Bringing the festival to a close was the final presentation by B. Nagaraj. Accompanied by Shankar Shanbaug (vocal), Raghunandan (bansuri) and Subramanya (sitar), Nagaraj at the outset established that he had challenged himself to present an unrehearsed concert. Taking the audience back to a time when the kathakar would often meet his musicians for the first time at the performance, Nagaraj’s presentation aimed at recreating such antiquity. A devarnama unfolded with vivid imagery of the Lord’s many leelas. Nagaraj then opened up the challenge further, requesting anecdotes or narratives from the audience that could be explored by the dancer and musicians impromptu. Radhantaranga and Dilemma of Shikandi were experiences thus created.
The five artists brought forth five unique perspectives, styles and content; a large spread to satiate different sensibilities. Rasaabhinaya had no percussion element in any of the presentations but definitely found resonating rhythm throughout— anecdotal exchanges between artist and audience, an up-close encounter with technique and expertise, an engagement for all present. For the student, there were many lessons to take away from a festival such as this – that being true to one’s sensibility is vital to connect with the audience, that there is no escaping the many hours of everyday rigour and that being a dancer means that one must be a rasika first. Sathyanarayana Raju’s Samskruthi - A Temple of Art’s Rasaabhinaya festival has established a place for itself in the Bengaluru calendar.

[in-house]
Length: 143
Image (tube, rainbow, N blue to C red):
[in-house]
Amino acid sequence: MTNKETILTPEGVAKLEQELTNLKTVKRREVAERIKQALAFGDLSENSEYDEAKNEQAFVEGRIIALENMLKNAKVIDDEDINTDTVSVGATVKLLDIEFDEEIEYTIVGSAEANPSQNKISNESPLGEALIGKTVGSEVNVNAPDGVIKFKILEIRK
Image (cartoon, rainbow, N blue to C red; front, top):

(Bharatanatyam dancer and freelance